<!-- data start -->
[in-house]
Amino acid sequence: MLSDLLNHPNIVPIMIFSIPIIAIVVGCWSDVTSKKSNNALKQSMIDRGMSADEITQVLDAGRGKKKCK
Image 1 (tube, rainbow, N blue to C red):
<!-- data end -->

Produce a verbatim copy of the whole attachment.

[in-house]
Amino acid sequence: MLSDLLNHPNIVPIMIFSIPIIAIVVGCWSDVTSKKSNNALKQSMIDRGMSADEITQVLDAGRGKKKCK
Image 1 (tube, rainbow, N blue to C red):